This is a very sensitive subject due to the fact that, well, both sides have a VERY valid point. Recently, a woman named Joanne Bate headed into her local bingo hall for a few rounds of her favourite game and sadly suffered an epileptic fit. Joanne has been suffering with the illness since the age of four when she had a bad bout of meningitis, and has absolutely no control over when her next fit will take place. She is literally a walking mine field, and she could suffer a seizure at any time, anywhere.
Staff were very quick to act and call an ambulance to come to Jo’s aid, and she was thankfully whisked away to the local hospital within a very short time frame to fully recover and enjoy the rest of her day. After a short bout at home returning to health, she once again headed down to gala bingo with a smile on her face to play her beloved hobby and tell the hall staff about her speedy recovery, only to be greeted upon arrival by one of the clubs managers to deliver a less than positive message to her.
It turned out that Jo wasn’t allowed to enter the hall again on her own, especially if she felt unwell – she was only allowed entry with an aide of some kind and could no longer enjoy her weekly hobby in the manner she had for such a long time previously. She was also told that some of the staff were allegedly “scared” of her due to several of them not being fully qualified in first aid. To say Jo was upset is a drastic understatement, but how fair or unfair is this scenario?
Firstly, it must be said that no manager should ever deliver the message that a customer makes their staff feel “scared” – it totally undermines the professionalism of an establishment and shatters any serious image a business may have. Secondly, the staff should perhaps seek further first aid training…though it is not mandatory. In not being more highly qualified in first aid, the staff themselves have committed no wrong doing.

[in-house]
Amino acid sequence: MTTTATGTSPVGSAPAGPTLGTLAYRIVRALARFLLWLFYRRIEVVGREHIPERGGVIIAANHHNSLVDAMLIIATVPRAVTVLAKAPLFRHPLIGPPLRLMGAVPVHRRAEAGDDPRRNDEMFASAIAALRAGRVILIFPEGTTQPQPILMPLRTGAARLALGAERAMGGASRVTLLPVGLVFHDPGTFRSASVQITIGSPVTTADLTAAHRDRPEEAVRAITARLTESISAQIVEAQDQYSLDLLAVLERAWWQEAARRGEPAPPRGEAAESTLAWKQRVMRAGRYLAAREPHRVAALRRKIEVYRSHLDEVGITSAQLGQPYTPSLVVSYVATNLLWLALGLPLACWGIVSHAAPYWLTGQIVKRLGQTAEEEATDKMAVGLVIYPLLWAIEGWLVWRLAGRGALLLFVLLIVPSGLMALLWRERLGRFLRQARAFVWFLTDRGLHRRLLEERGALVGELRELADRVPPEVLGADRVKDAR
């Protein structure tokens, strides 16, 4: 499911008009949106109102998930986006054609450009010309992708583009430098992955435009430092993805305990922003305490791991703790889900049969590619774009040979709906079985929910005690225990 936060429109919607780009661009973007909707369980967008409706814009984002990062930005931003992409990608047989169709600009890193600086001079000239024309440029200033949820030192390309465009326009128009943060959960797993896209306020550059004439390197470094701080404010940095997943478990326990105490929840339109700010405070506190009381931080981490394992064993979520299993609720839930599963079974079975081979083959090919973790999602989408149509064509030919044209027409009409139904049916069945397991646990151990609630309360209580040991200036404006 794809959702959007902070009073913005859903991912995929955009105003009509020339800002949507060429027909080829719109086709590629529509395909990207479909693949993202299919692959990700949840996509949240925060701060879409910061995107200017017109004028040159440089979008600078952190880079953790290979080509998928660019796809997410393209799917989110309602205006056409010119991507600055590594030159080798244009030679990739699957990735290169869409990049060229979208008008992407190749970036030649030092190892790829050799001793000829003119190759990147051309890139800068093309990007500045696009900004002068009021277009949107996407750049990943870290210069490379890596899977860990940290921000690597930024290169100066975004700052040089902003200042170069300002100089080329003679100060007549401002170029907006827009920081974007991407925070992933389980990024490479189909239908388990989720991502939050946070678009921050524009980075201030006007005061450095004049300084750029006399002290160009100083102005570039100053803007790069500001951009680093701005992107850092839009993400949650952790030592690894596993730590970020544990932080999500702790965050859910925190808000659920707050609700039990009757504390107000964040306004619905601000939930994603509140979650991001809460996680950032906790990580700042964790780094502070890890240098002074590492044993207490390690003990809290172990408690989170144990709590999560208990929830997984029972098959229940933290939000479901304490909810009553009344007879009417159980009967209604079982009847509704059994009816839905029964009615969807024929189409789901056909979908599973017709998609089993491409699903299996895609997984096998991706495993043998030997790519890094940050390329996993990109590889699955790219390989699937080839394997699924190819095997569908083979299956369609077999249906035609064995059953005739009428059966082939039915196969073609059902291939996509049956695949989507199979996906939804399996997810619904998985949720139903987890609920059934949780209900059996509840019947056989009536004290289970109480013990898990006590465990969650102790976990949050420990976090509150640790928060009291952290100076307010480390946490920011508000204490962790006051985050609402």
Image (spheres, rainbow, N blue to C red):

What about Jo though? Is it fair that she was received like this after what should have been a happy recovery? Well, not entirely…but then, the hall wasn’t in the wrong either. Seriously – it’s very awkward, but for her own protection, it truly is BETTER that she attends with a carer of some kind. The issue is, she should probably also be allowed to attend solo under the circumstances that she can’t hold hall staff responsible for any seizures she may have or accuse them of neglect. Should a waiver be signed, it would be absolutely fair that Jo be allowed to continue attending alone.
Even though illnesses can sometimes be met with what appears to be a very cold shoulder, it’s important to understand that sometimes, an establishment is genuinely only looking after the wellbeing of those walking through it’s doors – not every “ban” or “altered” conditional circumstance for a customer is necessarily a bad one or a prejudice filled action, in actual fact, it is often carried out for the safety of the individual in question. It’s not nice…but it is sometimes the best way and the most effective way for both parties involved in order to sustain some semblance of fairness and stability for both the staff and customer.